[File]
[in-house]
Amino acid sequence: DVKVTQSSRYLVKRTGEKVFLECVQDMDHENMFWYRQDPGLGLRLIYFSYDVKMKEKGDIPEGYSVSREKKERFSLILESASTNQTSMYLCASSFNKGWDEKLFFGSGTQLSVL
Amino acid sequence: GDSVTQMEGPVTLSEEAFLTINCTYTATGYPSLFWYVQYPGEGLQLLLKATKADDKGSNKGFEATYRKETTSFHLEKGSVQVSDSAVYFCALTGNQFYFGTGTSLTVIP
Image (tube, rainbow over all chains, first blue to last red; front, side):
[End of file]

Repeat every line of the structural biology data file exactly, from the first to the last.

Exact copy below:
[in-house]
Amino acid sequence: DVKVTQSSRYLVKRTGEKVFLECVQDMDHENMFWYRQDPGLGLRLIYFSYDVKMKEKGDIPEGYSVSREKKERFSLILESASTNQTSMYLCASSFNKGWDEKLFFGSGTQLSVL
Amino acid sequence: GDSVTQMEGPVTLSEEAFLTINCTYTATGYPSLFWYVQYPGEGLQLLLKATKADDKGSNKGFEATYRKETTSFHLEKGSVQVSDSAVYFCALTGNQFYFGTGTSLTVIP
Image (tube, rainbow over all chains, first blue to last red; front, side):